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Holidaymakers advised of hygiene precautions as cryptosporidiosis reported in returning travellers

HSE Press Release
Friday, 13 October 2023
  • Increased levels of cryptosporidiosis, a potentially severe stomach bug, reported from areas of Spain, particularly Salou in Catalonia
  • Hand hygiene and food and water precautions can help keep you safe

With more Irish holidaymakers returning from abroad with gastrointestinal illness (diarrhoea and vomiting), the HSE is advising people to take extra hygiene precautions when travelling overseas. Increased levels of cryptosporidiosis, a bug that produces gastroenteritis, have been reported over the last month in holidaymakers coming home from Spain, particularly Salou in Catalonia.

There has been a widespread increase in cryptosporidiosis in Europe in August and September that is most likely because of the extreme weather in European, especially in Mediterranean countries, over the summer.

If you are travelling to an area where there may be outbreaks of gastrointestinal disease (including cryptosporidiosis), there are important measures you can take to protect yourself and your family, whilst overseas and to stop the spread when you return to Ireland, including good hand hygiene and taking precautions with water and food.

Wash your hands frequently using soap and clean water:
  1. before eating and drinking
  2. before and after preparing food, particularly raw meat
  3. after using the toilet or changing nappies
  4. after visiting food markets
  5. after hand contact with items in public areas
  6. after touching live animals.

If you cannot wash your hands, use alcohol based sanitiser. Remember, hand sanitisers are only going to work as long as your hands are not visibly dirty.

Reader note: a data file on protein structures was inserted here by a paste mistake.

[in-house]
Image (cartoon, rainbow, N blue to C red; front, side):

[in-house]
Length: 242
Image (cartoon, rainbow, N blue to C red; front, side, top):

What precautions should I take with water?
  1. Check to see if the tap water is treated - smell it for the bleachy odour of chlorine
  2. Ask your accommodation manager if they consider their tap water safe
  3. If unsure, avoid drinking tap water where possible
  4. Don’t use ice in your drinks
  5. If you are not happy to drink the water, don't brush your teeth with it - use bottled water instead
  6. Do not enter swimming pools if you are unhappy with the hygiene arrangements
  7. If the beach or the sea do not look clean, do not swim in the water
  8. Always shower after swimming in the pool or the sea
  9. If you have diarrhoea, do not enter swimming pools for two days after your symptoms have settled
  10. Don’t let your baby swim in a pool wearing regular nappies, use swimming nappies
The following drinks are generally safe:
  1. Bottled or canned mineral water, fruit juice and fizzy drinks or sodas
  2. Hot drinks
  3. Beer and wine
What precautions should I take with food?
  1. Ensure, where practicable, that food eaten is freshly cooked and piping hot
  2. Avoid food about which you have doubts, for example, salads or cold meats from retail outlets with questionable hygiene
  3. Avoid food offered by street vendors
  4. Avoid lettuce and undercooked shellfish, and food exposed to flies - fruit is safe if eaten peeled
  5. Check out any restaurant before you order your meal - if you are not happy with its cleanliness go somewhere else

The most common symptom is watery diarrhoea, some people may also experience dehydration, weight loss, stomach cramps, fever, nausea and vomiting. While others may not have symptoms at all. Symptoms usually last between 1 to 2 weeks. While it is a mild disease in healthy people, it can be worse in small children and elderly people, and can be very serious for people who are immunocompromised.

Last updated on: 13 / 10 / 2023